Friday, 18 November 2016

Guest Post - TV Chefs by Kristen Bailey

When I was growing up, there was one chef on the television and her name was Delia.  She rocked a red twinset, a pearl necklace and she liked to cook out of her conservatory in calm, reassuring tones.  Her show was the highlight of my mum’s week.  These were the days when there was no internet or Sky Plus so we’d record her show and Mum would sit there with a notepad and pen scribbling down her recipe for a Victoria Sandwich, getting us to sit there with our fingers on the rewind button in case she couldn’t scribble quick enough.  The only competitive cooking show I watched at the time was Ready Steady Cook where professional chefs went against each other to cook ingredients out of a mystery bag.  I remember it was the show that was the perfect distraction from GCSE revision, and the reason I don’t really get physics but can tell you how to make a three course meal out of twelve eggs, a red pepper, a chicken breast and a block of mild cheddar.

I’m not entirely sure when the face of TV cooking changed.  We’d always had the likes of Delia and Keith Floyd around and Ready Steady Cook had introduced chefs like James Martin and Ainsley Harriott to our screens, but the landscape changed when one Mr Jamie Oliver appeared. Suddenly, cooking was what young and trendy twentysomethings did in their loft apartments, the camera jumping around the room periodically to the soundtrack of nineties Britpop.  Soon, lots of other TV chefs appeared by his side: Nigella and her glamour cooking, Heston and his test tubes, and Gordon and his sweary shouting.  Cooking shows were no longer relaxing and satisfying to watch.  They’d be people telling us what to do, what to eat and demanding that we stock our larders with pomegranates, kale and chipotle.  Suddenly the only way one was allowed to cook was with restaurant-level skill too.  ‘This recipe will take you fifteen minutes!’ the chef will say gleefully.  It takes me that long to chop an onion sometimes.  And mate seriously, that’s a lot of pans to clean – you need to be adding another half an hour onto that, at least.

Competitive cooking shows also became tense, shouty affairs too.  Before Masterchef used to be very elegant with its colour coded kitchens and synth/sax theme tune.  Now Masterchef seems to be on steroids; and there’s a version for every day of the week – one for us normal folk, the celebrities, the professionals.  It’s gone over to Australia (my favourite version I must admit, one of the judges even wears a cravat) and the US where there is far too much high-fiving for my liking.

However, the turning point for me came when chefs started getting preachy with us. They didn’t stay their side of the television any more, they came into our living rooms, had a look at our plates and told us what we were cooking/eating wasn’t good enough.  These shows were now not just an assault on our senses but an assault on our intelligence and freedom to eat what we darn well liked.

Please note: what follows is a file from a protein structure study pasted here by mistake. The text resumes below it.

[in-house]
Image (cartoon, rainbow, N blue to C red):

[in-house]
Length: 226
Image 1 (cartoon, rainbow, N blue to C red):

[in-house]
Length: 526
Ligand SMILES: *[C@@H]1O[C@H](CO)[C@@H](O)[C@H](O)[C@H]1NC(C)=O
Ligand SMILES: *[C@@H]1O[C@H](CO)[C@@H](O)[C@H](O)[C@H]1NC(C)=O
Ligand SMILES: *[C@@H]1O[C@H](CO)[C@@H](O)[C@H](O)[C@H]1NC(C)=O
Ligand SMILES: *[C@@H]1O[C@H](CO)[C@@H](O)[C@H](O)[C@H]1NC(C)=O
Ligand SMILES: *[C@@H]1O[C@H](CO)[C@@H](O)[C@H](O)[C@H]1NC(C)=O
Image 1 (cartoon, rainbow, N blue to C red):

Fed up of all the sudden cultural preoccupation with all things foodie, I therefore, had lots of inspiration to write Souper Mum and its sequel, Second Helpings.  Both novels are the story of Jools Campbell, a stay at home mum who stands up to a pompous TV chef but inadvertently becomes a celebrity herself.  Both feature TV cooking shows of my own creation but also my own arrogant, media monster of a TV chef, Tommy McCoy. He’s married to the odious, fame-seeking Kitty who also has four kids all with foodie names, Basil, Mace, Clementine and Ginger.  He is, of course, an amalgamation of many of the TV chefs gracing our screens– the perfect foil to Jools’ sensible, down-to-earth attitude but also a character we can all love to hate. 

So if, like me, you watch cooking shows with a family bag of Minstrels, scowling at TV chefs in their pastel kitchens as they preach about making their own fish fingers (really?!) then let me introduce you to Souper Mum, Jools Campbell as she takes on the Tommy McCoys of this world in what is essentially Mum vs Food... Where will Jools’adventures lead her in Second Helpings? Will the knives come out? Who will be able to stand the heat?  And who will be left eating their own words?

Thank you so much Kristen for this brilliant look at the history of TV Chefs. I honestly had never thought about the way there have been trends in what the food programmes do throughout the decades, and your books sound incredibly like my sort of thing!

About the Author
Mother-of-four, gin-drinker, binge-watcher, receipt hoarder, hapless dog owner, enthusiastic but terrible cook.  Kristen lives in Fleet, Hampshire in a house overrun by Lego and odd socks.  Her debut novel, Souper Mum was released by Accent Press in June and its sequel, Second Helpings is released on 17th November.  

Author links –
She writes a blog about being a modern mother.  That and more can be found at:
You can also find her on Twitter/Instagram: @baileyforce6
and Facebook:

Souper Mum is the story of Jools Campbell, a stay-at-home mother of four, who becomes an unlikely foodie hero when she stands up to a pompous celebrity chef, Tommy McCoy on a reality show.  Armed with fish fingers and a severely limited cooking repertoire, we watch as she becomes a reluctant celebrity and learns some important life lessons about love, family and the joyless merits of quinoa.

Exactly eighteen months after squaring up to a pompous TV chef, Jools Campbell finds herself back in the fame game as she becomes a judge on a family cooking show.  How will she cope being back in the limelight, juggling being a working mum?  What happens when she finds out her old nemesis, Tommy McCoy is her fellow judge?  The knives are sure to fly as 'Souper Mum' makes her triumphant return.

Buy Links – 

Souper Mum
Second Helpings

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